I came back from Las Vegas to 130 emails *sigh*
But now that I’ve gotten things at least sorted, I wanted to thank you for your support and love for Ragnar Las Vegas. You are a dear, cherished, wonderful friend (still!).
And NOW (you lucky lady) I will tell you about the run. Wasatch Back was a very empowering experience for me. It made me feel like I could actually maybe be a runner (although we’re still using that term very loosely). As far as my running goes, I came away from Las Vegas with some goals for my own progress in terms of distance and speed.
But Las Vegas for me was mostly about Briana, which was completely unexpected.
When Spencer realized last week that he would not be able to run, he suggested we have Taylor take his place. Then he said (with Bri sitting there), “Or Briana could do it.” Both Spencer and I immediately jumped on that, knowing how empowering and fun Ragnar had been for both of us. However, the truth was that since Spencer is a strong runner, he had a tough runner position. But when Bri said that she might be interested, we both kinda downplayed the difficulty while playing up her strength and ability to really conquer this.
During Bri’s first leg she had some tough hills. At about Mile 1.5 she came up to where we were ready to support her, and she looked MAD! She said (and I will laugh about this forever, but it wasn’t funny for her), “This is about as flat as my chest!” I ran with her for a bit, and she cried a bit. I told her she was strong. She said she was going to kill your mom because NOT anyone can run a mile. We both laughed a little, and she started a downhill stretch. I told her that the next two miles were downhill, then she had a mile of uphill, and the last mile was downhill. I also told her that Mary Kay and Rich both thought they could take over the remainder of her leg if she wanted them to. By the time we’d gotten that far, she was feeling calmer. We agreed to meet at the bottom of the hill in 2 miles. When we met there, she was good. I asked her if she wanted us to meet her at the end of the next uphill mile, and she said, “No, I think I can do it from here. I’ll see you at the end.”
She was wiped out and very like me in that she didn’t want to talk to anyone at the end of her run. But it gave her some power, and she rocked her second run (which was around 4 miles). She did lots of walking, of course, but she did the distance.
After our van was finished with Leg 2, we went to a hotel room we had gotten, and we all pulled out our sleeping bags and sacked out everywhere. We got about 3 hours of sleep there. When we woke, Bri was nearly instantly in tears and she told me everything hurt and she didn’t know how in the world she was going to do another 6+ miles. I told her not to worry about it because we could all pitch in and do the distance for her. Immediately after that, however, everyone started talking about how tired they were and how everything ached and how they were dreading Run #3. I worried like crazy about Briana.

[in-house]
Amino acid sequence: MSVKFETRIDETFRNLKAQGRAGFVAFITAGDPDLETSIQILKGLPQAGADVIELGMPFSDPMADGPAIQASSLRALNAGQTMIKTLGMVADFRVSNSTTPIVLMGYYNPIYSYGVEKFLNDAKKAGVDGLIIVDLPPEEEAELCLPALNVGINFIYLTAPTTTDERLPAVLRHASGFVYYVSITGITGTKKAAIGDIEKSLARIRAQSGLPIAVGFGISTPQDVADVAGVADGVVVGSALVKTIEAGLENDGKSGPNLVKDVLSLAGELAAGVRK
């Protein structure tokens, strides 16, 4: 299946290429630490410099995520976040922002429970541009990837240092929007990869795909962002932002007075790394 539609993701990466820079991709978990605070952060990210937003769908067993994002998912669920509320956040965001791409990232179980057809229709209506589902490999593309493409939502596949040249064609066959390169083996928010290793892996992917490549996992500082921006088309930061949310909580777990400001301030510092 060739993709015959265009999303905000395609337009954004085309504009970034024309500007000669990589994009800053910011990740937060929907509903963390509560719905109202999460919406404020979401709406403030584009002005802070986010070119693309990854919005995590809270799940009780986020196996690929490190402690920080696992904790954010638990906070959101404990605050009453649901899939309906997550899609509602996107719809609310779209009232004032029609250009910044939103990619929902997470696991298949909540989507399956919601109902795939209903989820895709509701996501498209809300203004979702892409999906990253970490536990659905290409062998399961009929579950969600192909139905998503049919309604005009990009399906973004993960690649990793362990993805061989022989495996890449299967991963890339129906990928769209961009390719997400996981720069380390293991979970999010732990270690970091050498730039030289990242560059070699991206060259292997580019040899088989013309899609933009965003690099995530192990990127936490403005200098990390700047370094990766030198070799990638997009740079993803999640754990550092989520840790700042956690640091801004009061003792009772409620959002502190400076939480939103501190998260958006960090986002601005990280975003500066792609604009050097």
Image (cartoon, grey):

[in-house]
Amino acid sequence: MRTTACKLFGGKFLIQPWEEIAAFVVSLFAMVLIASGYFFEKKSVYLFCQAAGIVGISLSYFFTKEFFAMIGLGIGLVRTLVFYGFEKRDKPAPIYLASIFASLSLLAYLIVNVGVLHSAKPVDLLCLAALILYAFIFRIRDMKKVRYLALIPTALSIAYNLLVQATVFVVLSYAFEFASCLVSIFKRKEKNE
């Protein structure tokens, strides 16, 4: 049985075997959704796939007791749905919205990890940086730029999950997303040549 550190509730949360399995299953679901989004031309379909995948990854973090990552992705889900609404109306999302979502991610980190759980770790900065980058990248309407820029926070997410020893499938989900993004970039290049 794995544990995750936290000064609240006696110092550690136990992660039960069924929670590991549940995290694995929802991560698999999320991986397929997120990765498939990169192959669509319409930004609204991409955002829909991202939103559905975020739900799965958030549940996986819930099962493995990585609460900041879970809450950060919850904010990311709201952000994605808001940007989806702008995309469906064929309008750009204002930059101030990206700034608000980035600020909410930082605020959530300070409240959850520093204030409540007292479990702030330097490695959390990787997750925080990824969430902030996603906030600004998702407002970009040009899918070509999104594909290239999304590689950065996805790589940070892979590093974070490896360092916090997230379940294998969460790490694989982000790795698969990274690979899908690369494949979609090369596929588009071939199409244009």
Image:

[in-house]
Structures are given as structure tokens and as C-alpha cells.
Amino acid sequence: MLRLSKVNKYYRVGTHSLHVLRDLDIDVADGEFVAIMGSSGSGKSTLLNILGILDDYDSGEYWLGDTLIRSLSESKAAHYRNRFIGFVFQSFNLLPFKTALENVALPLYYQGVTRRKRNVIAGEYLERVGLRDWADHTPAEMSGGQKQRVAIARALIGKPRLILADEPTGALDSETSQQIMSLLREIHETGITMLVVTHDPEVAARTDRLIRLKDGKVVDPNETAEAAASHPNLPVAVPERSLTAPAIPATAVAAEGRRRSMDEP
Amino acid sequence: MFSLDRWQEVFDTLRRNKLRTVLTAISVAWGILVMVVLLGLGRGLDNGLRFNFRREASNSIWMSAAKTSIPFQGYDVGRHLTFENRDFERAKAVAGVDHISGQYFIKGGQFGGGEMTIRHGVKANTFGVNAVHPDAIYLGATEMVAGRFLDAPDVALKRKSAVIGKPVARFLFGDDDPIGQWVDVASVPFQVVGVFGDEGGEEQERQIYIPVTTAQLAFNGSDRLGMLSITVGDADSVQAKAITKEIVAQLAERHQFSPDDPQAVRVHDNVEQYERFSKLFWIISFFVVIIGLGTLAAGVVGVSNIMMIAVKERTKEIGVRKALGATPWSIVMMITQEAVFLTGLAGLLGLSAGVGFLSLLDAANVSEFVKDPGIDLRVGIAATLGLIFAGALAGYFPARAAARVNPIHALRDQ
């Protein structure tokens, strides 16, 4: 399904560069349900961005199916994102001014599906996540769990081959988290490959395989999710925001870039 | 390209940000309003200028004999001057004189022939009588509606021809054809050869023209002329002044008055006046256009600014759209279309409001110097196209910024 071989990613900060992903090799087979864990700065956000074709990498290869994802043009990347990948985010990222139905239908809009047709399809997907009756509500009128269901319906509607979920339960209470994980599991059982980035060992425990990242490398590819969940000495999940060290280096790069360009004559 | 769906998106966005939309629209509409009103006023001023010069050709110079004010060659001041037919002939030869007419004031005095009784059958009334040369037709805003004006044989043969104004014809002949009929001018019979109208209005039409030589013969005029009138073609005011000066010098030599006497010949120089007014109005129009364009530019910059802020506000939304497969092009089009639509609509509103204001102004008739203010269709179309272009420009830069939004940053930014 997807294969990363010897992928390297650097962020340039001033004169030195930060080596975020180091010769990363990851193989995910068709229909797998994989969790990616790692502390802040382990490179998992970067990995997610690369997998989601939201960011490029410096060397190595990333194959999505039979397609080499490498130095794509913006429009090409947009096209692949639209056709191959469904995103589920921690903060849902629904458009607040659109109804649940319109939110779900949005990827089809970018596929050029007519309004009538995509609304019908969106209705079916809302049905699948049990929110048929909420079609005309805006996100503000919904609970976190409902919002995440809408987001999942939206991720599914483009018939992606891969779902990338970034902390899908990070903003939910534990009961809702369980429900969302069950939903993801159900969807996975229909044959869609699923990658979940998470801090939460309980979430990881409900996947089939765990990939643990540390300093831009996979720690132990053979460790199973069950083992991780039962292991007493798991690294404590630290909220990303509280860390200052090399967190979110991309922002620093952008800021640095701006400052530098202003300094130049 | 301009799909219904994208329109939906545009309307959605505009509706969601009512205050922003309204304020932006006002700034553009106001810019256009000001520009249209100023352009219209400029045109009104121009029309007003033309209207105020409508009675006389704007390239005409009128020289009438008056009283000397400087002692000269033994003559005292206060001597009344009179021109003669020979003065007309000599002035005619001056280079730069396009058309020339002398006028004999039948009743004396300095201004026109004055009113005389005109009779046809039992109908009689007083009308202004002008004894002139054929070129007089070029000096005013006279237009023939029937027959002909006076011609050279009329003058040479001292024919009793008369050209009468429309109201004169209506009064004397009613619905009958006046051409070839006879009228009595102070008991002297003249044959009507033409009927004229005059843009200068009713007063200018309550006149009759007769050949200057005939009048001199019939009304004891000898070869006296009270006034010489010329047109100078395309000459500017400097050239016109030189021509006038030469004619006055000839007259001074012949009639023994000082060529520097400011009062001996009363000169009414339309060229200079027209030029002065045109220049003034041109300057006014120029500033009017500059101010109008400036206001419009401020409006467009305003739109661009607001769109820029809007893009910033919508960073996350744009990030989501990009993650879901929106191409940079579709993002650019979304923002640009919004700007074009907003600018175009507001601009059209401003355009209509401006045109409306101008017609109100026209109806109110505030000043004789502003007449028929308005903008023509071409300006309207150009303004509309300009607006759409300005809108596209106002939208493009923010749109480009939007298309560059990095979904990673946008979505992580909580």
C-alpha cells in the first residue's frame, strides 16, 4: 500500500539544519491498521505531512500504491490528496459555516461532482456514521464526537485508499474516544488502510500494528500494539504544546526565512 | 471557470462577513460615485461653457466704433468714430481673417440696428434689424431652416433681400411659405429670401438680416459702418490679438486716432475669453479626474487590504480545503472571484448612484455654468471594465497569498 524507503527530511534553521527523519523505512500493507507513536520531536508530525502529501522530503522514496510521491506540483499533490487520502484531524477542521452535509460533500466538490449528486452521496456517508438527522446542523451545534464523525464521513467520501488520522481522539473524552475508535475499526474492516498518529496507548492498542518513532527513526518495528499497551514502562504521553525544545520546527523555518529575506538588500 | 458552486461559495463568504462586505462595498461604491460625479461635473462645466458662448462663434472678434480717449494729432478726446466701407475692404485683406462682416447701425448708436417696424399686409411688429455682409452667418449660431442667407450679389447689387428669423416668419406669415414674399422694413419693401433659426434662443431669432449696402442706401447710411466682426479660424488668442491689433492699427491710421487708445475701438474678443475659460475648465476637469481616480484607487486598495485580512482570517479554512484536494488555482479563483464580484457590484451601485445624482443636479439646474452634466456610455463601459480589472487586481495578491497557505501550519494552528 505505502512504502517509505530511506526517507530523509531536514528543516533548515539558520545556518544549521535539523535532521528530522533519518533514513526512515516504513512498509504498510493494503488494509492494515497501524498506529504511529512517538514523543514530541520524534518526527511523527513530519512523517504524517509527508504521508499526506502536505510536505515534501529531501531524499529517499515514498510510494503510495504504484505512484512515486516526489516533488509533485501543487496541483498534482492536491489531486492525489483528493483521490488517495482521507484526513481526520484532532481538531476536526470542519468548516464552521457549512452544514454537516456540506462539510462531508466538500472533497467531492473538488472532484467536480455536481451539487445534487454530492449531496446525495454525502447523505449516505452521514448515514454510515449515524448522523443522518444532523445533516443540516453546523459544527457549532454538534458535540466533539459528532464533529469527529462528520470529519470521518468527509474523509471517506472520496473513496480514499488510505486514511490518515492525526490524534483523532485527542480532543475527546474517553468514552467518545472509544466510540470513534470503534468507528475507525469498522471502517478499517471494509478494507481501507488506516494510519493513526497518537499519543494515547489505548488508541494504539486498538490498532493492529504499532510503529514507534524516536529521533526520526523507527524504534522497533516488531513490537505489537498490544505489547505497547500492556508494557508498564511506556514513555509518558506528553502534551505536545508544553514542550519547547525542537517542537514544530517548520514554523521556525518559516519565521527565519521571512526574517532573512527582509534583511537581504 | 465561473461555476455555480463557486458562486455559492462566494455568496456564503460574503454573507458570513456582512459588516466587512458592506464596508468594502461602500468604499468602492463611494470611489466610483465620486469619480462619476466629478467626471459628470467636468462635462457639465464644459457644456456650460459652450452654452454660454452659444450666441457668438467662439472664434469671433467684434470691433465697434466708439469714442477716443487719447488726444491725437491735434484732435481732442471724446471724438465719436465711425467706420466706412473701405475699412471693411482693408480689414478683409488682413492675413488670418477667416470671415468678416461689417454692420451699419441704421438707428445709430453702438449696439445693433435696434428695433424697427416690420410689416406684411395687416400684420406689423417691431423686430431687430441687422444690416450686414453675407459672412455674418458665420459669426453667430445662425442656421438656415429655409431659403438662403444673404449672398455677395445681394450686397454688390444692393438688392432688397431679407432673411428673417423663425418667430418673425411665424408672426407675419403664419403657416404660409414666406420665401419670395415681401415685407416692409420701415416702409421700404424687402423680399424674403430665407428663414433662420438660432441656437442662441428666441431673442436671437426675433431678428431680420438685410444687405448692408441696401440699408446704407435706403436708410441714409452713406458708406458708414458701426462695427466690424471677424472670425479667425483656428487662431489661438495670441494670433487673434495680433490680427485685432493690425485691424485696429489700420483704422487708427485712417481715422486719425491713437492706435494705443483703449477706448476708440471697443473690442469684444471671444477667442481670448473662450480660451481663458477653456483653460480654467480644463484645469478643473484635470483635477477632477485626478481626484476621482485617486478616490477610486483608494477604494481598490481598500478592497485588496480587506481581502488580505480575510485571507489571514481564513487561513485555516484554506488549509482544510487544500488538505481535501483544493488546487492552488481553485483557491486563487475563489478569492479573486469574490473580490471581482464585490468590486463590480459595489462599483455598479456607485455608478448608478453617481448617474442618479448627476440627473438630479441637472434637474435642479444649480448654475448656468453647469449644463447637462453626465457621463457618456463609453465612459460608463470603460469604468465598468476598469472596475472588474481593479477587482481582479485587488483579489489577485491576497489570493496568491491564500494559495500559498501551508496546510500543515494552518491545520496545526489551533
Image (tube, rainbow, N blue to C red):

Our Van 2 had a very difficult night, so we had an extra hour to wait at the exchange, and there were three runners before Briana, so she slept like the dead in the back of the van for another couple of hours. When she woke up, she was feeling so much better. She got some food in her and started preparing for her run (her choice, as I gave her the option again).
Her last leg was on dirt/rock road. It was tough running, but it was flat. We met her at Mile 1.5 and Mile 3, and she was good. When we met her at 4.5, she was hurting mentally. She asked me how much farther, and I told her I thought it was about 1.5 miles, maybe a bit more. She said, “I can do that.”
It was actually a full two miles, but she did it. When we were at the exchange, we could see her way out there, and once she saw the exchange she ran all the way in. There was another team there, and we asked them to make a bridge with us. They were very sweet about it, and they also provided a tp finish line for her to cross. We all yelled and yelled, and I want to cry when I think about the kind support those strangers gave to our runner, who may have had no business being in the race at all.
I gave Bri as much support as I could through all her runs because she was kinda mad at her dad while in the heat of the moment. But when she finished, he was immediately by her side, and she laid her head on his shoulder while he told her how strong and wonderful she was.
She told me after Leg 1 that she didn’t think Ragnar was as fun as we had made it sound. But after she was breathing again after her last leg, I grinned at her and said, “Determined enough to run a half.” She grinned back and said, “Not stupid enough to run a full.”
We are in training for a half marathon in the spring.
And Briana has a Ragnar shirt and a medal to show to the world how cool and strong and capable she is.
I am very grateful. And proud.
Love to people who make us more than we think we are and more to you (a two-fer!)
P.S. Our team name was “Top Run” (my brilliant idea), and it was really fun. We yelled and texted movie quotes at each other through the race; Mary Kay bought these glow sticks at the dollar store that we waved like we were on a runway; and Stacy lent us the Top Gun soundtrack, which we blasted intermittently throughout the course. So. Much. Fun. At the finish line we all wore our Top Run shirts (I’ll post pix later) and our Aviators. We were very cool. (Who knew when I saw Top Gun 400 times as a teenager that it would be such a huge part of something I did in my 40’s?)
Monday, October 25, 2010
I came back from Las Vegas to 130 emails *sigh*
Posted by wjmom at 12:15 PM